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Bland but Good Hyundai Accent Top 10 in Reliability

The 2013 Hyundai Accent SE has been named one of the 10 most reliable cars under $25,000 according to Consumer Reports. This good but reliable sub-compact is the only Korean car to make the list.

In my opinion, it's a good little car but it's not a great one. But what can you expect for a starting price of $16,695?

Liza Barth of, wrote in an article via Yahoo Autos, "There's nothing fancy about the Accent, but it hits the mark well for basic, sensible transportation. The well-constructed cabin offers plenty of room up front and the engine provides adequate power and responsive handling. It is also inexpensive to buy and own." Accent’s EPA fuel economy rating is 28 mpg city and 37 mpg highway, with the six-speed automatic transmission or manual transmission.

Selected as one of Ward’s 10 Best Engines, the Accent’s all-aluminum 1.6-liter Gamma four-cylinder engine features the latest innovations in engine technology to deliver an unsurpassed 138 horsepower and 123 lb-ft of torque and a standard 28 mpg city and 37 mpg highway EPA fuel economy rating.

Accent offers the best power-to-weight ratio in its class by far, providing drivers with both low fuel consumption and responsive performance. Highlights that contribute to a low curb weight include the 1.6-liter Gamma GDI engine with an aluminum block, monotube shock absorbers, integrated parking brake, and a super flat torque converter.

Hyundai Accent Recommended Overall
The 2013 Hyundai Accent GLS is also pegged as a recommended small car by Consumer Reports.

In its writeup, the consumer watchdog says of the $16,050 sedan, "The redesigned Accent now scores near the top of our subcompact Ratings in both sedan and hatchback versions. There's nothing fancy about this car but it hits the mark well for basic, sensible transportation. It's economical to buy and run -- we got 31 mpg with the GLS sedan with an automatic and 32 mpg for the stick-shift SE hatchback.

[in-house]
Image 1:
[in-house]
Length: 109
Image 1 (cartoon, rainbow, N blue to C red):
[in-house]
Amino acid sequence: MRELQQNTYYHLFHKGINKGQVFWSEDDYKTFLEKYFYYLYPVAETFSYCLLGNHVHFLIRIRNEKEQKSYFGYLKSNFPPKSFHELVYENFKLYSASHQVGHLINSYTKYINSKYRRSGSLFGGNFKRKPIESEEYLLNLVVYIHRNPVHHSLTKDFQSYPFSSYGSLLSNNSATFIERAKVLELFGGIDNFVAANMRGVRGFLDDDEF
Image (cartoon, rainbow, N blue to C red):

"The 138-hp four-cylinder engine provides adequate power and handling is responsive, somewhat more so in the sportier SE model. The well-constructed cabin offers plenty of room upfront. As is normal for this class, the ride is jittery and the rear seats are somewhat cramped. The cabin is fairly noisy, but not offensively so," the report concluded.

Hyundai Accent Technically a Compact
All Accents ride on a 101.2-inch wheelbase, 2.8-inches longer than the previous generation. The Accent 4-door’s overall length has increased by 3.5 inches to 172 inches. The total length of the new five-door version is 162 inches. As a result, Accent enjoys superior interior volume and passenger space. While the car’s exterior dimensions are consistent with those of traditional subcompacts, Accent is classified by the EPA as a compact sedan thanks to its interior volume.

Keith Griffin has been writing continuously about new cars since 2002. He used to be the guide to used cars at former as well as a contributor to The Boston Globe and Automotive Traveler. He is the founder and president of The Internet Car and Truck of the Year, where "Internet Pros and Average Joes" pick the car and truck of the year. Currently, Keith is the managing editor for American Business Media. Follow Keith at @indepthauto on Twitter.